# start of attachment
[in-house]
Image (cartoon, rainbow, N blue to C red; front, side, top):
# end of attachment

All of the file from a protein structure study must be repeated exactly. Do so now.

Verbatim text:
[in-house]
Image (cartoon, rainbow, N blue to C red; front, side, top):